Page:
FIGS. 2A-2C illustrate the flow in first channel 100 and second channel 190 necessary to achieve fluid connectivity. FIG. 2A illustrates empty first channel 100 and second channel 190 at the reconnection region 140. FIG. 2B illustrates fluid flowing in first channel 100 and second channel 190, prior to reaching reconnection region 140. FIG. 2C illustrates the positions of the flow in first channel 100 and second channel 190 as they connect. The fluid flow in first channel 100 passes through the reconnection region 140 and, as it is passing through the reconnection region, the fluid flow in second channel 190 begins to enter reconnection region 140 and the first channel 100. The size, shape, and length of second channel 190 vary depending on how much fluid is desired to be kept for a washing step, as well as to control the time it takes the fluid to rejoin first channel 100. The dimensions of a microfluidic channel can vary depending upon the application. In one non-limiting embodiment, for a body fluid, e.g., blood, analysis device, the channel can have diameter ranging from 50-500 microns. In another non-limiting embodiment, the channel can have a diameter ranging from 75-200 microns. The length of any given section of microchannel is varied for the analyte processing to be done within that section. These sections may range in length from 100 microns to 50 millimeters, more preferably in the range of 500 microns to 20 millimeters. Microfluidic devices are made by a wide variety of methods known to those skilled in the art, including molding polymeric materials, etching silicon substrates, or assembling multi-laminate structures using polymers such as polyamide.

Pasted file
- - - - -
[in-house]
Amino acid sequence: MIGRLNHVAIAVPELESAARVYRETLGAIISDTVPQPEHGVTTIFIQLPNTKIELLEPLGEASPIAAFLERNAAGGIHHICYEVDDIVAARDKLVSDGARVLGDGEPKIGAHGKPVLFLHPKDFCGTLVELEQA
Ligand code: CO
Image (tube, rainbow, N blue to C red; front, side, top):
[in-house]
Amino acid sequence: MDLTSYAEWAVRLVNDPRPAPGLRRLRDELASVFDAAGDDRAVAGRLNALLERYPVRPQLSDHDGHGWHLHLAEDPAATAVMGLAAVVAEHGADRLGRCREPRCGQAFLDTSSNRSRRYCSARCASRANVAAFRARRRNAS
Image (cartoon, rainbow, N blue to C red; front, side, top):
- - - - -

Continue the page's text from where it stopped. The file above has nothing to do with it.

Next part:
FIG. 3 illustrates the addition of vent 380 to second channel 190 before reconnection region 140. In one non-limiting embodiment, vent 380 provides a means for the escape of gas trapped in the channels so that the fluid can move forward. The gas that fills the channels can be air or an inert gas. As the fluid enters second channel 190, it displaces the gas in second channel 190 and forces the gas to move toward the reconnection region 140 of first channel 100. If the fluid in the second channel 190 is moving slower than the fluid in the first channel 100, then the gas pressure in the second channel 190 increases. As illustrated in FIG. 3, the fluid in first channel 100 has moved past the reconnection region 140, while the fluid in second channel 190 has not yet reached the reconnection region 140. Gas builds up in the area between the fluids where vent 380 can be located. Vent 380 gives second channel 190 a means for releasing the gas and thus allowing the fluid to continue to fill second channel 190 and reconnect with first channel 100. Vent 380 can, thus, control the timing of the reconnection of the fluid from second channel 190 with first channel 100. The control can be achieved through the use of pressure on a valve or vent 380. Vent 380 can be made hydrophobic by plasma treatment, or by coating with biomolecules, to prevent fluid from flowing into vent 380.